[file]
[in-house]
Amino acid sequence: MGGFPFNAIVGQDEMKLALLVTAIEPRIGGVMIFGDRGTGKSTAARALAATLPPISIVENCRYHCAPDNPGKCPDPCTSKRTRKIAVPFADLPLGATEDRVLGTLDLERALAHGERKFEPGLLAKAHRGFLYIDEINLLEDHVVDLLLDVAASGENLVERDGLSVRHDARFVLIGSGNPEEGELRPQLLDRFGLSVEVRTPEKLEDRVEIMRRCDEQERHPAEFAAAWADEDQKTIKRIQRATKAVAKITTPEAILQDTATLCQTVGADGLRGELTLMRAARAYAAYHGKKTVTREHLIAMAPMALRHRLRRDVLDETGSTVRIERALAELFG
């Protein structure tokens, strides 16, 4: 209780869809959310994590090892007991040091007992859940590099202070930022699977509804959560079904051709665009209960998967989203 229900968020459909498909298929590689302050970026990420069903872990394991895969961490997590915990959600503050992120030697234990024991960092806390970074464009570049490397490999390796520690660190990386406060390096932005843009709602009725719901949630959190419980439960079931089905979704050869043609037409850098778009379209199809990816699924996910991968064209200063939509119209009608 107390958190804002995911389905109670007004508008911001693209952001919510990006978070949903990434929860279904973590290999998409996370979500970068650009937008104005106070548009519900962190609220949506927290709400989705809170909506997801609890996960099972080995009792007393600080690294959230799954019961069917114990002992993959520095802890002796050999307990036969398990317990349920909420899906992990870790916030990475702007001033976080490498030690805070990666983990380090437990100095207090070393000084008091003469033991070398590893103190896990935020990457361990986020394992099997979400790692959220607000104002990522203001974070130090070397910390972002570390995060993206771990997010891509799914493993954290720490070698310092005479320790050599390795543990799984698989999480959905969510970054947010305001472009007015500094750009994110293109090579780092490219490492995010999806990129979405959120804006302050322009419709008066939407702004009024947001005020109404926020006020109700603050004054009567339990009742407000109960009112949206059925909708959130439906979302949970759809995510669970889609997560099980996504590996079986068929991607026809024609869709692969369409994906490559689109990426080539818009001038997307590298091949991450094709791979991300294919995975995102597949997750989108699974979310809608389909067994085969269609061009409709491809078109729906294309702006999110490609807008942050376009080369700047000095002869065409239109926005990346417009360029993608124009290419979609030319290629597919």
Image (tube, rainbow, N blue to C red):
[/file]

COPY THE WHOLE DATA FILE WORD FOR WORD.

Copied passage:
[in-house]
Amino acid sequence: MGGFPFNAIVGQDEMKLALLVTAIEPRIGGVMIFGDRGTGKSTAARALAATLPPISIVENCRYHCAPDNPGKCPDPCTSKRTRKIAVPFADLPLGATEDRVLGTLDLERALAHGERKFEPGLLAKAHRGFLYIDEINLLEDHVVDLLLDVAASGENLVERDGLSVRHDARFVLIGSGNPEEGELRPQLLDRFGLSVEVRTPEKLEDRVEIMRRCDEQERHPAEFAAAWADEDQKTIKRIQRATKAVAKITTPEAILQDTATLCQTVGADGLRGELTLMRAARAYAAYHGKKTVTREHLIAMAPMALRHRLRRDVLDETGSTVRIERALAELFG
């Protein structure tokens, strides 16, 4: 209780869809959310994590090892007991040091007992859940590099202070930022699977509804959560079904051709665009209960998967989203 229900968020459909498909298929590689302050970026990420069903872990394991895969961490997590915990959600503050992120030697234990024991960092806390970074464009570049490397490999390796520690660190990386406060390096932005843009709602009725719901949630959190419980439960079931089905979704050869043609037409850098778009379209199809990816699924996910991968064209200063939509119209009608 107390958190804002995911389905109670007004508008911001693209952001919510990006978070949903990434929860279904973590290999998409996370979500970068650009937008104005106070548009519900962190609220949506927290709400989705809170909506997801609890996960099972080995009792007393600080690294959230799954019961069917114990002992993959520095802890002796050999307990036969398990317990349920909420899906992990870790916030990475702007001033976080490498030690805070990666983990380090437990100095207090070393000084008091003469033991070398590893103190896990935020990457361990986020394992099997979400790692959220607000104002990522203001974070130090070397910390972002570390995060993206771990997010891509799914493993954290720490070698310092005479320790050599390795543990799984698989999480959905969510970054947010305001472009007015500094750009994110293109090579780092490219490492995010999806990129979405959120804006302050322009419709008066939407702004009024947001005020109404926020006020109700603050004054009567339990009742407000109960009112949206059925909708959130439906979302949970759809995510669970889609997560099980996504590996079986068929991607026809024609869709692969369409994906490559689109990426080539818009001038997307590298091949991450094709791979991300294919995975995102597949997750989108699974979310809608389909067994085969269609061009409709491809078109729906294309702006999110490609807008942050376009080369700047000095002869065409239109926005990346417009360029993608124009290419979609030319290629597919």
Image (tube, rainbow, N blue to C red):